New Study Reveals Best Practices to Help Improve Construction Performance

October 2016

A study entitled “Optimizing the Owner Organization: The Impact of Policies and Practices on Performance” has been published by Dodge Data & Analytics as part of its SmartMarket Brief series. Working in partnership with e-Builder, Inc., Dodge surveyed executives responsible for construction at over 170 commercial and institutional owners.
    
The survey determined the policies and practices executives deploy in their internal capital project organizations, and how they correlate to the most successful cost, schedule and quality performance. The goal of the report is to provide a useful guide for all owners to improve construction project performance for the entire industry. The study findings revealed several widespread performance issues among building owners, including the following:

  • Ninety-three percent of owners reported exceeding the original schedule established for their projects.
     
  • Eighty-five percent reported that their projects exceeded their established budget.
     
  • Nearly half (44 percent) of owners do not effectively engage the stakeholders and end users of their projects.

    
The study shows that inadequate project management, staff management and internal competencies are common and consistent problems among the owners that most frequently report schedule, budget and stakeholder engagement issues.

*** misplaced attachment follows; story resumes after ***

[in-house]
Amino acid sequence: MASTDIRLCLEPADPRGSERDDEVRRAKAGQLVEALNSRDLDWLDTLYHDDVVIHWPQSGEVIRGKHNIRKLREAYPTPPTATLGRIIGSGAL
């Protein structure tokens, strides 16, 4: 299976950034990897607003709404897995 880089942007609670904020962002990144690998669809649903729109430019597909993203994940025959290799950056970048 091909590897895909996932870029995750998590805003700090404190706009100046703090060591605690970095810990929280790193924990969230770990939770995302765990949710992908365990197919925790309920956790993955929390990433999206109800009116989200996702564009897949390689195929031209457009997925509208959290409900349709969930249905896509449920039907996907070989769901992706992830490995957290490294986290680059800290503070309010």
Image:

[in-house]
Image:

By ranking owners according to their level of performance, the analysis flags a group of top-tier performers—those that complete 25 percent or more of their projects ahead of schedule and 50 percent or more of their projects under budget—and then examines what they do differently that might be helping them excel. The results are divided into two main areas: practices that directly impact people and policy, and those that involve improved processes and technology. The findings make a compelling case that both areas need to be tackled to improve project performance.

  • With respect to people and policy, practices like tying employee incentives to project performance, formal training and development programs and clearly defined job roles appear to explain most of the difference between the best and worst performing projects.
     
  • The processes and technology improvements more widely adopted by the best performing owners include frequent measurement of project performance, willingness to innovate through the use of technology and the use of project management systems.